Join Our Mailing List
As a kid, life was always much more interesting when you could discover shortcuts to your favorite destinations. I distinctly recall the adventure of striking out into new realms, never so far off the beaten path as to create parental alarm, but certainly distant enough from the norm to make a daily walk to school, or to the corner grocerâ€™s, a bit more daring and fun.
The interesting thing about shortcuts when youâ€™re a kid, is that they arenâ€™t calculated by an adultâ€™s yardstick or tape measure. A childâ€™s shortcut is bound only by imagination, which as we all know can be limitless. As anyone who has ever lived in a cold climate will attest, shortcuts were best utilized during the hot summer months, when getting off your normal course didnâ€™t include becoming bogged down and losing your boots in a snowdrift.
While I was hoping desperately to find ways to endure the months of treatment necessitated by chemotherapy and radiation, I thought a lot about shortcuts and my childhood. Even now, years out from my first diagnosis, I have moments when I wonder how many more times I will get to relish in the sheer majesty of sun sparkling on lush green leaves, the fragrance of new mown grass, and the long, slow, cat-stretch days spanning from summer solstice to fall equinox.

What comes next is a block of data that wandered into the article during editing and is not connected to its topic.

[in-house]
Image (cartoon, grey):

One of my favorite shortcuts allowed me to utilize the alleys that were so prevalent in our neighborhoods back in the 1950s. Alleyways allowed you to look at the world from a different angle, often providing a view into a neighborâ€™s kitchen or family room. The mingle of smells from dinners cooking, low-slung evergreen shrubs, and cinders baking in the heat, will always be associated in my mind with those long-ago summers. Every now and then in this grown up body, I will catch a brief whiff of those familiar scents, and it immediately transports me back to my childhood.
Not only was an alley rife with new vantage points, but it also tended to be a haven for backyard apple trees, grapevines, and rhubarb bushes. If you were brave enough to take a shortcut through an alley, it just followed that you would be fearless when it came to grabbing a few green apples, stalks of rhubarb, or — best of all â€“ some concord grapes. How many times did we run, giggling and screaming like a bunch of banshees, until we were a safe enough distance from the scene of the crime to plop on the ground, spent from our laughter, savoring our ill-gotten treats? The resulting stomach aches from the unripe apples, starchy raw rhubarb, and tart grapes were small punishment for our daring deeds.
So, I am once again feeling that little stab of angst, contemplating how many more times I will manage to delight in my favorite season. Has anyone who has had breast cancer ever lived to be 100? I ponder this question and hope it is possible, because I would only be halfway through my sun-kissed seasons. In the meantime, I have created a shortcut to summer. I just close my eyes, take a deep breath, and recall lightning bugs, childrenâ€™s laughter, Ollie Ollie in free â€“ and believing something this good will never end!
Reprinted from Amoena Life magazine, Summer/Fall 2006. You can find back-issues here.